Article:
- The brightness, saturation and contrast had to be adjusted: The default settings were acceptable, but a little tweaking, particularly of contrast and saturation, gave the pictures better strength. Because the screen is LCD based, unlike a plasma display, the blacks are not as deep as you might expect. Upping the contrast can help compensate for this a little.
After about ten minutes of going through the configuration options, I could not find a setting to display the photos in random order rather than sequentially. I admitted defeat and referred to the user manual. Unfortunately there does not appear to be a random playback function – something Kogan may wish to consider for future models.
NOTE: I didn’t test the frames with movies or sounds. Seriously, if I want to watch a movie or play sounds, a photo frame isn’t going to be my device of choice 🙂
Of course, now that the digital photo frame was configured, the next question was what to put on it. Luckily I had a fair few photos lying around my local HD, but I had hundreds on Flickr and no easy way to pull them all down again. Enter downloadr, a Flickr-API tool written in Adobe AIR intended for backing up your Flickr photostream. It’s in beta, but I was able to do everything I needed with it. The bonus is that, being an Adobe AIR application, it runs on both Windows and Linux (just like jUploadr, my Flickr upload tool of choice for Linux).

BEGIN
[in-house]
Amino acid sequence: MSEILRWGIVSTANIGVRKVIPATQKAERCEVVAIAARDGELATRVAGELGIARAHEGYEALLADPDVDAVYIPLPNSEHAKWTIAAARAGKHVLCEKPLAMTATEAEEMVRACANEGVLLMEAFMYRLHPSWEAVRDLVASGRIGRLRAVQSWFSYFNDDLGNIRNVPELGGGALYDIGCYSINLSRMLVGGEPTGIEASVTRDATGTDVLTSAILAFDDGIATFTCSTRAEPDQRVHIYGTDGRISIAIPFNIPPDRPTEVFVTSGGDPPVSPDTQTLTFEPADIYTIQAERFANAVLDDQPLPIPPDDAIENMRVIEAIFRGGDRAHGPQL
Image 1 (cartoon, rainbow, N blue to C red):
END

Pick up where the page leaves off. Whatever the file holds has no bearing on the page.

Power consumption for the photo frames is not given in the product specifications. Both models tested use a 12V 1.5A power supply. Some basic calculations tell us that if the device were operating at full power 24 hours a day, it would consume 18Wh of electricity a day. This doesn’t seem like a lot at first, but this device isn’t like an iron or a microwave that is only used for a few minutes each time – it is designed to be powered on for long periods of time. It would be nice to know from Kogan how the power consumption rates under lab conditions.
On the plus side, the photo frames can be configured to auto power on and off at certain times, once the date and time is configured.
Once the protective film is removed from the screen surface, I found that fingerprints show up very easily – and that the screen had to be constantly wiped down. This might just be due to me fiddling with it – once pictures are loaded, it’s unlikely that people are going to be touching it very much. The outer branding of the frame is very minimal – the only ‘Kogan’ logo is shown when the screen starts up. This is quite unobtrusive and helps the screen blend well in its environment. The larger model is intended for wall mounting and comes with a sturdier frame and holes to mount on a wall. Both of the devices were surprisingly light – at less than 1.5kg each.
I’m surprised that Kogan hasn’t entered the digital signage market; a lot of their products centre on televisions and screens and it would seem a natural progression to go down the digital signage path. As it is, the 15″ photo frame would be a very low end digital signage solution – if you were prepared to update content via sneakernet. With the addition of network connectivity – wireless or wired – it could become part of a digital signage deployment. A previous Kogan photo frame model was shipped with wireless, so I don’t know why they haven’t pursued this. Obviously, the digital signage market isn’t very mature yet and there’s very few standards.